Creative magic through two centuries, two homelands, two wars, two emigrations.
One worthy century of life, which moves artistically on the “spindle of success” into new and newer artworks.
The well known (or celebrated) Canadian-Ukrainian artist Maria Styranka, a native of the Zolochiv region, began her difficult path of emigration during the war years of 1940’s through Europe, then North Africa, France, the United States and at last established herself and her family in Toronto, Canada. But, no matter what environment the artist was in, European or North American, she always acknowledged her Ukrainian heritage as is evident in her constant active connection with the Ukrainian Association of Visual Artists of Canada (USOM). The path of integration into foreign lands always had its own philosophy, which was based on her familial bonds, her historical memory, her religious consciousness, her respect for the Ukrainian folk traditions and her willingness to respond to new societal challenges.
Maria’s strong artistic force has radiated ever since her youth in Chortkiv, Ukraine, but she developed her career in Canada, where she received her professional education at the Ontario College of Art, while being a caring mother and a loving wife. The main promoter of her creative potential, and her constant moral support was her husband Mychaylo, with whose help Maria was able to develop artistically and had more than 20 solo exhibitions in Toronto, Saskatoon, Ottawa, Edmonton, Winnipeg, London (Ontario), Limoshi, Brussels, New York, and Kyiv. At her exhibit in Paris, Maria received a high award for her watercolors from the commission of the “Grand Palais“ in Paris. Canadian-Ukrainian artist Volodymyr Magdenko pedagogically supported the young artist’s first creative path. Mykola Krychevsky’s watercolor technique was also a great inspiration for the artist.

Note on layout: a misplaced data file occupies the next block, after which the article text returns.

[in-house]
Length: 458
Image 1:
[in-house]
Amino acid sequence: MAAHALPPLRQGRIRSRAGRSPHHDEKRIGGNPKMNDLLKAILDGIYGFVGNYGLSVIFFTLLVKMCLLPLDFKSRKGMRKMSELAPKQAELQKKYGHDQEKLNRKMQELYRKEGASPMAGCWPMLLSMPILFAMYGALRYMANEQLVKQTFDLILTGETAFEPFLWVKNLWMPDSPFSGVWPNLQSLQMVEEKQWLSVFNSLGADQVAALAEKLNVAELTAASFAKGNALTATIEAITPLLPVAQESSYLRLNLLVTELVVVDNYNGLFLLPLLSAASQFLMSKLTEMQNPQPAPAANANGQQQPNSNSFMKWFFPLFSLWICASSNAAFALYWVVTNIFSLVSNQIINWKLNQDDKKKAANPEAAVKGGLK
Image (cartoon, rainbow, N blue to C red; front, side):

The figure of Maria Styranka is often unjustly restricted, calling her only a “famous watercolorist”, forgetting her equally important authorial techniques and genre-thematic typologies, such as oil landscape, pastel still life, charcoal and sanguine painting or mixed media portrait. Analyzing her heterogeneous picturesque heritage, we observe an interesting fact of “consistency and devotion” to a certain color palette: if it is a landscape – then definitely a favorite yellow, if it is a portrait – it is a turquoise accent and silver-bronze background, if it is watercolor – then it is restrained colors, extinguished gray cobwebs, and stories from memory “deciphered” sepia semitones. The most emotionally successful works are the characters from the artist’s family tree – archetypal images of Ukrainian women and men, which the artist bequeathed to the canvases. The thematic nerve of her painting is “Grandma – My Crucified Soul”, this work carries a generalized image of many milestones of women’s cyclical life. Here, the author did not miss the smallest detail: a look, a gesture, eloquent facial expressions, or innocent sentiments, which hang on the tip of a smile. It is the recognizable smile on the “face of creativity” and on the face of Maria Styranka that draws us captive to her artistic magic, which she has displayed throughout one hundred years.
Khrystyna Beregovska – PhD Fine Arts.